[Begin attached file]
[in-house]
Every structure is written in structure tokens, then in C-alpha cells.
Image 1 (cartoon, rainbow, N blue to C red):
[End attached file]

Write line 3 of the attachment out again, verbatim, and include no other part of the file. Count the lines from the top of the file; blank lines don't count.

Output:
Image 1 (cartoon, rainbow, N blue to C red):